Jimmy Walker is trying to join some exclusive company at the Sony Open.
In his lifetime — Walker turns 37 on Saturday — only four players have won the same PGA Tour event three times in a row. Tom Watson did it at the Byron Nelson Classic. Stuart Appleby did it at Kapalua. Steve Stricker won three in a row at the John Deere Classic. Tiger Woods did it on six occasions.
Walker gets his shot at Waialae Country Club when the Sony Open starts on Thursday.
He won in 2014 by pulling away from the pack with a brilliant putting performance on the back nine and closing with a 63. He defended his title last year by setting the tournament record with a nine-shot victory thanks to his 62-63 weekend.
Walker doesn't expect it to get any easier.
"It's going to be even more of a challenge," he said. "I saw something the other day about the list of people that have won an event three times in a row, and it's small. There's some really good names on it. ... It's hard to do. It's hard to win two in a row, let alone three times in a row."
The field is not quite as strong this year — no one from the top 10 in the world, with Adam Scott at No. 11 the highest-ranked player.
That doesn't mean it will be any easier when the first full-field event of the year gets underway:
WALKER'S QUEST: Walker once won four straight tournaments, but that was long ago.
"I won my 4A regional golf tournament (in Texas) four years in a row, freshman through senior," he said.
His putting stood out the last two years, particularly in 2014 when he made four straight putts through the 17th hole to seize control. Walker, however, believes his driving was equally responsible. Power isn't an issue. Accuracy can be, and he was dialed in for the tight, tree- and water-lined fairways.
Walker has been working on a new swing move with Butch Harmon since November and appears to be making fast strides. He tied for 10th last week at Kapalua.
HISTORY LESSON: Ernie Els was the last player who had a chance to win three straight at Waialae, and he nearly did.
Els won on the second hole of a playoff in 2003 with a 55-foot birdie putt from the fringe on the 10th hole. A year later, he lost a two-shot lead with five holes to play and then beat Harrison Frazar with a 30-foot birdie putt on the second playoff hole.
Going for three in a row, he closed with a 62 and it looked like it might be enough for another playoff until Vijay Singh birdied the par-5 18th for the victory.
STRICKER STARTS: This is the third year for the PGA Tour starting a new season in October, so even with a six-week break, players have to be reminded that this is the new "year" and not the new "season."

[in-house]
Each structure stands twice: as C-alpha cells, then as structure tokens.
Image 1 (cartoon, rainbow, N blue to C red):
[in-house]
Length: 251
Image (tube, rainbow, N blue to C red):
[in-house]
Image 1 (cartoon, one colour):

Unless the player is Steve Stricker.
Stricker hasn't played since the PGA Championship in August. Coming off back surgery on Christmas Eve in 2014, he wanted to take it easy last year. He played nine times, and didn't play all that well, so he didn't qualify for the FedEx Cup playoffs. And he rarely plays in the fall because the kids are in school and it's hunting season.
But the 48-year-old Stricker feels rejuvenated. He plans to play a little more this year, and winning is his priority.
WEEK OFF: All six players from the top 10 in Maui did not make the trip to Honolulu. Jordan Spieth and Rickie Fowler leave this weekend for Abu Dhabi. Bill Haas is defending his title next week in the California desert. Jason Day won't play again until he defends at Torrey Pines. Brooks Koepka won't play again until he defends in Phoenix.
The PGA Tour tries to persuade players at Kapalua to stay another week in Hawaii.
It's rare to get so many top players missing, which could be a product of the wraparound season or the packed summer schedule due to the Olympics.
ALLENBY'S BACK: Robert Allenby is trying to make this week as positive as possible. He chose to return to the Sony Open, where he made sensational headlines last year for a Facebook posting of his bloodied forehead and bruised eye socket from ... well, he's still not sure. Allenby said he had total memory loss from about a three-hour window after he left Amuse Wine Bar the night he missed the cut.
He wanted to come back to bury a bad memory. And while he has missed the cut four of the last five times at the Sony Open, he chose to recall 2010 when he finished second by one shot. Whether he misses the cut or plays well, Allenby feels he will have accomplished his goal of closure from a most bizarre incident.